The Long Good Friday: Kobal Collection
Chris Nashawaty
January 04, 2007 AT 05:00 AM EST

You need a thug: Bob Hoskins in ”Long Good Friday”

Up until the late ’60s, British actors came in two varieties: old Shakespearian dandies like Laurence Olivier, or young Shakespearian dandies like Peter O’Toole. But when Michael Caine (born Maurice Micklewhite, the son of a fishmonger) donned a pair of black-framed glasses and seduced the ”birds” with his working-class Cockney sing-song in Alfie and The Ipcress File, everything changed. Being Cockney wasn’t something to be ashamed of any more. It was a badge of honor. Suddenly, a once-hoity-toity profession was open to blue-collar East End toughs. And they stormed in like hard-drinking bulls in the proverbial china shop.

My favorite of Caine’s laddish disciples has always been Bob Hoskins. With his bald head, fireplug physique, and gruff, barking voice, Hoskins is part actor and part pitbull. Sure, over the years, he’s had his share of roles in period pieces and twee arthouse curios that occasionally require him to wear spats. But Hoskins has always been at his best when he’s playing bastards, thugs, and tough guys.

Perhaps the greatest, and also one of the least-known, Hoskins pitbull performances is in 1980’s U.K. underworld epic The Long Good Friday. As Harold Shand, a Thatcher-era docklands mob boss with a hairtrigger temper, an ambitiously posh girlfriend (a very sexy Helen Mirren), and a traitorous henchman who gets him into a jam with the IRA, Hoskins is a lit fuse. He can both calmly scheme and seduce like Pacino in The Godfather and launch into violent arias like the Pacino of Scarface.

As Shand’s criminal empire starts to crumble around him, Hoskins, in a fit of rage, stabs one of his underlings in the neck with a broken whiskey bottle. It’s as awesome as it sounds. As he stands above the poor son of a bitch severing the guy’s jugular, you can see Hoskins drooling and licking his lips like he’s getting off on killing. It’s a terrifying scene. And also one you’ll want to watch at least three or four times.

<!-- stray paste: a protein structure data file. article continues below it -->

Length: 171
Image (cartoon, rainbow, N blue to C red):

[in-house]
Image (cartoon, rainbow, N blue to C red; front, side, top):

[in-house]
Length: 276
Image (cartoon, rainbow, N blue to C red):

Still, Hoskins’ best moment comes at the end of the film. In the final scene, he’s been outwitted, captured by the IRA, and he’s held at gunpoint in the back of a car (the IRA assassin holding him at gunpoint is a young Pierce Brosnan in his first film role). Shand is dead man riding off to his execution. And the camera holds a close-up on his face for two minutes. Two minutes! There’s no cuts. Just two minutes of a camera on a condemned man’s face. And what a face it is. You can see the full range of emotions wash across it: fear, rage, absurd resignation. It’s a knock-out piece of acting. And reason enough to go rent this great film if you’ve never seen it before.

While The Long Good Friday is, in my opinion, Hoskins’s greatest performance, it’s by no means the only great one. Far from it. Here are five others:

Pennies From Heaven (1978)
Later remade in the States with Steve Martin, this dreamy BBC musical shows Hoskins’ softer side as a lonely, melancholy sheet-music salesman.

Mona Lisa (1986)
Hoskins received a Best Actor Oscar nod for this tough-and-tender romance between an ex-con and the hooker he chauffeurs. For the record, he lost to Paul Newman in The Color of Money.

Who Framed Roger Rabbit? (1988)
Robert Zemeckis’ candy-colored Toon Town noir has actually aged surprisingly well. But it’s Hoskins’ brilliantly animated performance that makes you buy the whole premise.

TwentyFourSeven (1997)
Hoskins taps into his own hardscrabble youth to play a former hooligan who teaches a bunch of ruffians to avoid his mistakes through boxing. It’s like a Cockney Stand and Deliver.

Unleashed (2005)
This may be a Jet Li film, but Hoskins steals the show whenever he’s onscreen as a sadistic mobster in a neck brace who trains Li to be his personal attack dog.

Now it’s your turn: What’s your favorite Hoskins performance?

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